The Florida Bar has raised the income qualifying cap for its online legal clinic, Florida Free Legal Answers, to ensure that Floridians can access the site and post questions related to Hurricane Irma.
More than 500 attorneys signed up to volunteer for the site, (https://florida.freelegalanswers.org/), which ordinarily matches low-income Floridians with attorneys who can answer basic legal questions. The site is a collaboration between the Florida Bar and the American Bar Association, which approved the qualifying cap increase. Separately, a toll-free legal aid hotline run by the Federal Emergency Management Agency will be available once Hurricane Irma makes landfall.
The FEMA Legal Assistance Hotline will be available to assist low-income hurricane victims with storm-related legal help. Hurricane victims will be able to get advice on a range of topics, including securing FEMA and other benefits; filing life, medical and property insurance claims; dealing with home repair contracts and contractors; replacing wills and other important legal documents destroyed in the storm; assisting with consumer protection matters; and counseling on landlord/tenant problems.
In addition, the Florida Bar Foundation board of directors set aside $500,000 Thursday to support Florida legal aid organizations that suffer infrastructure damage or equipment losses and help their clients with hurricane-related civil legal issues in the wake of Hurricane Irma. The money comes from Florida’s share of a settlement between Bank of America, the U.S. Department of Justice and six states.
“Legal aid is critical after a natural disaster,” said Florida Bar Foundation president Jewel White, who is also a Pinellas County attorney. “Civil legal aid organizations often help clients not only in the immediate aftermath of a disaster but for years afterwards as they work to rebuild their lives and businesses. We want to make sure Florida’s civil legal aid delivery system is equipped for the massive job ahead.”
The Florida Bar Foundation created a Florida Hurricane Legal Aid Fund, (information at https://thefloridabarfoundation.org/storm-aid) to collect donations to supplement the $500,000 allocation. The page also offers links to volunteer opportunities for Florida lawyers, including FloridaProBonoMatters.org, where attorneys can register their interest in pro bono cases in Florida.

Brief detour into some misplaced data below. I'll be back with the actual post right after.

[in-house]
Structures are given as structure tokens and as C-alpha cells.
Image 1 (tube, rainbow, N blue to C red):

The donations to https://thefloridabarfoundation.org/florida-hurricane-legal-aid-fund/ will go to civil legal assistance for Floridians affected by Hurricane Irma and any subsequent hurricanes that make landfall in Florida.
• Floridians can find their local legal aid organization at https://FloridaLawHelp.org.
• The Florida Bar’s consumer guide, https://www.floridabar.org/public/consumer/pamphlet023/, provides information on whom to contact for legal assistance and how to protect legal rights in a mass disaster.
• To check for updates on all court closures and tolling orders, check the Florida Supreme Court webpage, http://www.floridasupremecourt.org/emergency.shtml.
• Florida law prohibits extreme increases in the price of essential commodities, such as food, water, hotels, storage units, ice, gasoline, lumber, equipment or other essentials needed as a direct result of an officially declared emergency. The price must not grossly exceed the commodity’s average price during the 30 days before the declaration of the state of emergency, unless the seller can justify the price by showing increases in its costs or market trends.
Violators of the price gouging statute are subject to civil penalties of $1,000 per violation and up to $25,000 for multiple violations in a single 24-hour period, in addition to other misdemeanor charges and civil penalties that may apply.
Anyone who suspects price gouging during the declared state of emergency should report it to the Attorney General’s Office: 1-866-9-NO-SCAM.
• Problems with an insurance company can be directed to the Florida Attorney General’s Office at 866-966-7226 or the Florida Department of Financial Services at 800-342-2762.
• Incidents of fraud may increase during emergencies. Contact by a lawyer or a lawyer’s representative in person or by telephone asking to handle a specific case is a direct violation of The Florida Bar’s disciplinary rules, unless the injured party has asked the lawyer to contact them. Bar rules prohibit a lawyer from writing or emailing within 30 days of an accident unless they have been specifically asked to provide information.
To report unlawful contact, the unlicensed practice of law, or unfair treatment by a lawyer, consumers should call The Florida Bar’s Attorney Consumer Assistance Program: 866-352-0707. The Florida Bar is responsible for prosecuting unethical lawyers for sanctions to be imposed by the Florida Supreme Court.